Review from Quill and Quire, December 2000.
When Eve Was Naked
by Josef Skvorecky
Key Porter Book, 2000
Writers of fiction often cringe when readers attempt to draw connections between the life of the writer and their art. Josef Skvorecky’s recently released story collection, When Eve Was Naked, however, not only perpetuates this confusion, it encourages it.
Fiction – even good fiction like Skvorecky’s – apparently sells too slowly under its own label and requires the beefier tag of true-to-life-prose.
Skvorecky’s life-in-stories contains 24 strongly crafted episodes, ranging from his childhood in pre-Second World War Czechoslovakia, through that country’s Nazi occupation to the Communist coup in 1948 and Skvorecky’s later days as a professor at an Ontario university.
The three repeating themes of the collection are the sexual domination of women over men, the idiocy of ideological systems, and the saving power of art, particularly jazz. The stories are, in other words, traditionally romantic, relying on the standard inherited tropes of individualism and sexual and esthetic transcendence.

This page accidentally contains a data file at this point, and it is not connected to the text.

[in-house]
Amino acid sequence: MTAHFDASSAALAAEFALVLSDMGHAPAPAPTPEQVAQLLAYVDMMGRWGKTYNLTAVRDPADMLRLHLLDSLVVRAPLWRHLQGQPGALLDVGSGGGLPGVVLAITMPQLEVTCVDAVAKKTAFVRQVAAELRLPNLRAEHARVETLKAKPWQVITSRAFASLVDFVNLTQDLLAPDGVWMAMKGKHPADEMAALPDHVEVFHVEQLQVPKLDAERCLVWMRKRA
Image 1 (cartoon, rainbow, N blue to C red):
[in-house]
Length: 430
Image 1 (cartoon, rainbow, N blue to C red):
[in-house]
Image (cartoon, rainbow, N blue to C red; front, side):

As a result, Skvorecky’s best stories, like “The End of Bull Mácha” (written in 1953), swirl in a brew of joy and terror. His weaker stories, those based on the fictional “Edenvale” campus west of Toronto, lapse toward the nostalgic and sentimental. They also make a poor ending to the collection, however true to life they may be, as they lack the backdrop of moral struggle behind many of the earlier tales.
The subtext of Skvorecky’s fiction, and his life outside bound covers, might well be that terror is good for art, while suburban contentment is not.